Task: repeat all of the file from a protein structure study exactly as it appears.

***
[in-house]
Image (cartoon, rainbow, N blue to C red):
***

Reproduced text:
[in-house]
Image (cartoon, rainbow, N blue to C red):